Companies With Add-On Insurance for Modified Cars
The company offers custom parts coverage as an add-on. This covers damages to equipment, not in the vehicle manufacturer’s standard.
Policyholders may opt to have custom parts coverage in their car insurance for $102 per year. This covers losses to custom equipment due to a comprehensive type of accident.
Elephant policyholders automatically get up to $1,000 in custom parts and equipment coverage (CPE). For higher coverage, a CPE add-on can be purchased as part of a comprehensive and collision policy.
CPE coverage offers protection for aftermarket updates to the policyholder’s car. This add-on coverage protects against damages to modifications not installed by the manufacturer.
The custom parts coverage is an add-on that policyholders can get as part of their comprehensive and collision auto insurance. It pays for the repair or replacement of aftermarket equipment.
Policyholders can purchase CPE as an add-on to get coverage for the repair or replacement of an item added to their car, or those considered after-market accessories.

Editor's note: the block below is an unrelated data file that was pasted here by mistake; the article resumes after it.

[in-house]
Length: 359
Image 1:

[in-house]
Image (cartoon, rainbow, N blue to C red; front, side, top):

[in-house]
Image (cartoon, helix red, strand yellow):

Typically, policyholders only get coverage for the original equipment included by the manufacturer. To protect modifications, they can opt to add on custom parts coverage.
Use MoneyGeek’s quotation tool to get an idea of the cost of your insurance premium if you add custom parts coverage.
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What Are Modified Cars?
A modified car has customizations that aren’t part of the original factory specifications. Modifications may refer to any added or aftermarket parts, including custom paint jobs or changes to the car engine.